A revolution is taking place in how water is being pumped in remote locations beyond the reach of electric power lines. Solar-electric, or Photovoltaic, power has proven to be an ideal way to lift water for drinking, sanitation, stock tanks, and irrigation. Photovoltaic pumps have been on the market since 1980 and are in use all over the world.
It has been known for many years that some substances give off electrons when light strikes them and these electrons may be used to form a current. The development of photovoltaic (PV) technology began in 1955 and came of age in the 1980’s. PV technology was initially regarded as “space age” because the use was limited to satellites, but in 1980 the cost was reduced by two-thirds making PV modules more affordable to the general public. PV technology is built on the solar cell. This small, paper-thin disc is made of silicon, an inert crystalline material refined from sand. Exposing the solar cell to sunlight causes electrons to jump from the positive to the negative side of the cell. Thus generating direct current. Solar cells are assembled into panels called modules. A solar panel will produce about 50 watts of power.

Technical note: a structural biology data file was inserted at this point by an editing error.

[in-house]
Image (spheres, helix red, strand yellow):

Photovoltaic (PV) panels are the simplist possible way to generate electricity beyond the reach of power lines. They have no moving parts and last for decades with virtually no maintenance. Solar power is no longer an expensive, experimental energy source. Photovoltaics are now standard in many commercial, industrial, military, and consumer applications—wherever modest amounts of power are needed beyond the power lines.
Solar-powered Water Systems are practical in flat terrain where the sun shines.
Solar-powered water pumps can be placed in or next to the pond or other source of water and the water can be pumped where it is needed.
Solar electric water pumping cuts down on waste because its based on natural cycles. Your panels give the most pumping power on the sunniest days—when you need the most water.
Solar power is clean. You never have to worry about polluting the groundwater or air with a gas-powered pump.
Solar-powered water systems take very little maintenance because they only have a few moving parts. They have long life—usually 20 to 40 years. And solar water systems never run out of fuel as long as the sun is shining.